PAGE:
April 19, 2017
The Honorable Dannel P. Malloy
Governor of Connecticut
Hartford, CT 06106
Dear Governor Malloy:
I am pleased to submit Connecticut's annual report on environmental conditions through 2016.
This report reminds us that environmental progress in the 21st century comes slowly. Even highly successful efforts to reduce air emissions and water-pollution discharges can appear by some measures to go unrewarded:
- The average level of pollution in Connecticut's air was the best in decades, but the number of summertime bad air days (31) held stubbornly near the ten-year average (32).
- Cities and towns again reduced their discharges of nitrogen pollution that flow to Long Island Sound, but the area of the Sound with too little oxygen grew larger.
There are reasons for the environment's stubborn resistance to improvement. One of them is heat. Connecticut, as you know, often is heralded as a leader in planning for climate change and attacking its causes. Unfortunately, the reality of a warming continent will continue to oppose efforts to improve the air and water.
The warming, changing climate is one of three factors identified in this report to be impeding environmental progress, and it interacts with the second factor which the report calls "permanent pavement": the reality that the roads, driveways, parking lots and most lawns of Connecticut are not going anywhere soon. The rain that now falls more intensely (compared to the 1960s) washes pollutants into brooks, rivers, bays and the Sound. Gradual improvement is possible with considerable effort and expenditures.
The third factor influencing progress is a powerful one: the amount of investment in the land and wildlife of Connecticut. There has been improvement in the acreage of farmland preserved in the last two years, but Connecticut is not on track to attain most of its land-conservation goals.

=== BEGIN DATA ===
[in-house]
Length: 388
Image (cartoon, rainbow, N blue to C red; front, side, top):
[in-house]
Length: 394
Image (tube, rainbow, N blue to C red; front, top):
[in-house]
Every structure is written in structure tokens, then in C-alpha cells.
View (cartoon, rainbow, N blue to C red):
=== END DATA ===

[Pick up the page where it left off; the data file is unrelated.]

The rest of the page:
As we submit this report, the news from Washington, D.C., suggests that Connecticut should not count on action from the federal government to help achieve environmental goals. The Council generally does not attempt to predict the outcomes of federal political battles. Nonetheless, this report concludes its "Progress and Problems" section with a cautionary footnote:
"The statement, "Connecticut's environment is likely to remain much as it is for the foreseeable future," is somewhat conditional. Generally, the Council's reports assume that Connecticut will not be turning back in its push to improve the air, water and health of its residents. While it remains highly unlikely that Connecticut residents would wish to retreat, recent proposals at the federal level could have that effect. Less energy efficiency and more fuel combustion in states to the south and west would lead to the types of air pollution that generally blow toward Connecticut. Modest federal grants have been used very effectively by this state to improve Long Island Sound, protect forests and farmland, put economic life back into contaminated properties and restore wildlife habitats along coves and rivers; any or all of those state-federal partnerships could be extinguished. The Council will monitor and report any such negative developments...The potential for retreat is an unusual and regrettable reality. The Council always focuses attention on the steps that are necessary for conditions to improve; this year, it must conclude that gains already made are now in peril."
As always, the Council looks forward to providing you with any additional information you might request.
Susan D. Merrow
Council on Environmental Quality